In the face of the power vested in the five-member National Labor Relations Board (NLRB) to effect substantive changes in laws that cover non-union as well as union workplaces, many employers may fear they will lose their autonomy in managing their organizations. While there is little or nothing that individual employers can do to stop the anticipated shifts toward union-friendly rulings identified by Board Chair Wilma Liebman, there are legal and ethical actions you can take to mitigate any negative effects they may have on you and your employees. Below are one preventive action and six contingent actions you can take in anticipation of these changes.

The most effective antidote to outside intervention is preventive action — i.e., make a conscious decision to place a high priority on your employees. Create an employee-centered workplaceT, which I define as an environment in which every person, system, program, and process is focused on helping employees become fully successful. To obtain a tool to guide you in assessing how high a priority your employees believe they are, request our Employer Performance Scorecard. Since everyone wins when employees are fully successful, why would you NOT choose to make them a high priority?

Here are six legal and ethical contingent actions you can take to reduce the likelihood that anticipated NLRB rulings will have a negative impact on the employer-employee relationship in your organization:

  1. Monitor NLRB rulings and Executive Orders closely. Get expert help if necessary to identify the impact the changes they will have in your workplace. Think ahead and be pro-active; don't wait for the decisions to be handed down before you take action.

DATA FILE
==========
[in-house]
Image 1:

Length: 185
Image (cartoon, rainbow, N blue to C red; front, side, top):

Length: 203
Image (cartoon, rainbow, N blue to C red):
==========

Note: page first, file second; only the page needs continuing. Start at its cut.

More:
2. It is illegal to discriminate against employees on the basis of union activity or membership. You can avoid engaging in illegal activity by applying workplace policies consistently and enforcing them rigorously.
  3. Educate yourself and all levels of management about employer rights and responsibilities as well as about what constitutes legal and illegal behavior.
  4. Hold managers strictly accountable for acting legally and ethically.
  5. Educate employees NOW about management's position on unionization in ways that they do not perceive as threatening or intimidating. Inform them of their right to join or refrain from joining a union. The timing for disseminating accurate and complete information to employees is important: "employer neutrality" clauses may prohibit such communication in the near future.
  6. Become familiar with the previous NLRB rulings targeted for reversal by NLRB Chair Liebman and make relevant adjustments to your policies NOW, such as those covering business e-mail use and solicitation in the workplace.

The saying, "The best offense is a good defense" is good advice for both employers and employees. Taking the preventive action of making employees a high priority in your workplace will reap benefits for your organization in terms of higher productivity and profitability and for your employees in terms of fair treatment. Coincidentally it also will ensure your employees see no need for union intervention. Your decisions and behaviors in the workplace will inform your employees' choices about union representation. What is your choice?

Pat Lynch, Ph.D., is President of Business Alignment Strategies, Inc., a consulting firm that helps clients optimize business results by aligning people, programs, and processes with organizational goals. You may contact Pat or call (562) 985-0333.


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